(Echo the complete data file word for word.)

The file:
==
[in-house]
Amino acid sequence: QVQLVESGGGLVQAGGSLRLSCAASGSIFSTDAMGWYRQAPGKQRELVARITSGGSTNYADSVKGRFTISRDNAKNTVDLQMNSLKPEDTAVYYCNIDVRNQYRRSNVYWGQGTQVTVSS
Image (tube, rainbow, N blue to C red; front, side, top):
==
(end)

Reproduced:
[in-house]
Amino acid sequence: QVQLVESGGGLVQAGGSLRLSCAASGSIFSTDAMGWYRQAPGKQRELVARITSGGSTNYADSVKGRFTISRDNAKNTVDLQMNSLKPEDTAVYYCNIDVRNQYRRSNVYWGQGTQVTVSS
Image (tube, rainbow, N blue to C red; front, side, top):